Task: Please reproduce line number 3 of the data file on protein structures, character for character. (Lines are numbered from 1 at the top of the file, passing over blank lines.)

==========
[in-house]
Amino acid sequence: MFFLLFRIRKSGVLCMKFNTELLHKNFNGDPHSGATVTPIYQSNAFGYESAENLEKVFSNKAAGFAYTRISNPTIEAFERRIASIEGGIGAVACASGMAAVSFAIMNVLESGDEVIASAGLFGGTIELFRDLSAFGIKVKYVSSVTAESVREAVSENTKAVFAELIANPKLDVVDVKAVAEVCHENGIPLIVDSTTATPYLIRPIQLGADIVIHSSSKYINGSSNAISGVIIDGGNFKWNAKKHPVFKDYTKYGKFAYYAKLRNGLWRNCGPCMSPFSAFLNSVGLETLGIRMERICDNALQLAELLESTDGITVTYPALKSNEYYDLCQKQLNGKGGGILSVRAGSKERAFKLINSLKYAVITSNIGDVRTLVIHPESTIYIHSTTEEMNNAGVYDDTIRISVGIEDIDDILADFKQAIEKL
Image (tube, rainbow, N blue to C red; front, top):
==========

Image (tube, rainbow, N blue to C red; front, top):